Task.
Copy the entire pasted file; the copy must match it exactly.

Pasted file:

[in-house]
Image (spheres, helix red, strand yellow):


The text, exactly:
[in-house]
Image (spheres, helix red, strand yellow):